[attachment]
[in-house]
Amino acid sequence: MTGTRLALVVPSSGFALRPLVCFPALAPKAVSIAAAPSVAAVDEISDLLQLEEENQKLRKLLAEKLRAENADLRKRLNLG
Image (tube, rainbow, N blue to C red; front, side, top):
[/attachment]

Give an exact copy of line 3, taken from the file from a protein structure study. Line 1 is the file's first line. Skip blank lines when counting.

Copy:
Image (tube, rainbow, N blue to C red; front, side, top):